More Newberg Homebuyers Qualify for Homebuyer Tax Credit
President Obama has just signed an expanded version of the $8,000 first time home buyer tax credit that was set to expire on November 30. This will allow more Newberghomebuyers, both first time homebuyers and move up homebuyers, to qualify for the tax credit.
The new version of the tax credit has the potential to stimulate the housing market even more than the old version due to the fact that more Oregonians will qualify under the new rules. Although the tax credit remains at $8,000 for home buyers that have not owned a primary residence in the last three years, it has been expanded to include a $6,500 tax credit for home buyers that have lived in their current primary residence for at least five consecutive years out of the past eight years. Under the old rules, move-up home buyers did not qualify.
Consider these three examples:
Jane purchased a home in 2002, lived there for 5 years as her primary home, moved
out in 2007, and turned that home into a rental property. If Jane decides to buy a
new primary residence today, she would qualify for the $6,500 tax credit based on
the fact that she lived in the same residence as her primary home for at least five
consecutive years out of the past eight.
Harry purchased a home in 2004, and lived there for the past 5 years as his primary
home. If Harry decides to buy a new primary residence today, he would qualify for
the $6,500 tax credit based on the fact that he lived in the same residence as his
primary home for at least five consecutive years out of the past eight.
Nicole purchased a home in 2006, and lived there for the past 3 years as her primary
home. If Nicole decides to buy a new primary residence today, she would not qualify
for the $6,500 tax credit based on the fact that she did not live in the same residence
as her primary home for at least five consecutive years out of the past eight.
The tax credit applies to Newberg, Oregon homes purchased for less than $800,000 before May 1,
2010. If you sign a binding contract to purchase a home before May 1st, you would
need to close on the transaction before July 1, 2010. It works kind of like a gift certificate that can be redeemed for cash. You simply file a form with the IRS right after you buy your home, and the IRS will send you a check for the full amount of your credit.
The income limitation for single tax payers in Newberg went up from $75,000 under the old rules to $125,000 under the new rules. For married tax payers, the income limitation went up from $150,000 to $225,000. This means that more people will qualify for the credit - especially in parts of Oregon with higher costs of living. This should help stimulate parts of the housing market that may not have been impacted by the old version of the credit. As an example, earlier this year I helped a single Fire Fighter get into a townhome. He works a lot of overtime and makes around $90,000 per year. This disqualified him for the tax credit under the old rules, but he would qualify under the new rules.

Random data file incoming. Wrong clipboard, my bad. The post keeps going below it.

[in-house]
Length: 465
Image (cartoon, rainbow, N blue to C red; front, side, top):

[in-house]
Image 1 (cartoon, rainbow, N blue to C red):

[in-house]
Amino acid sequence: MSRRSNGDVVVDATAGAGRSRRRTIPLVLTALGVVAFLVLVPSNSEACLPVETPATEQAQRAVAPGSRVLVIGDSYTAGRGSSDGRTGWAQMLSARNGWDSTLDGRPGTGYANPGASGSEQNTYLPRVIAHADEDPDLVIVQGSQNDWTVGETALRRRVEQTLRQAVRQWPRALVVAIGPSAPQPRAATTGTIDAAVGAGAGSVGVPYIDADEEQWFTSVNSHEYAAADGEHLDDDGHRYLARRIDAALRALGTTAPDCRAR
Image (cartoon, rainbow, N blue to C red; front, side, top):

There are many creative ways of structuring your home purchase transaction in ways
that maximize the benefits of the credit. Here are a few examples:
- The credit applies to 1-4 unit homes as long as you live in one of the units as your primary residence - you could live in one unit and rent out the others.
- If two unmarried individuals buy a home, and only one of the individuals qualifies for the credit based on their income or past home ownership status, the individual who qualifies for the credit can claim the full credit. (Note: In the case of married couples, both spouses must qualify for the credit.)
- The credit applies even if you have co-signers on your mortgage loan.
Combined with the USDA Guaranteed Rural Home Loan or an FHA Loan, lower property values, many great homes on the market and today's great rates, there has never been a better time to buy a home in Oregon.
Home buyers who work with a Certified Mortgage Planning Specialist are much better equipped to save money and navigate the complexities of the tax credit.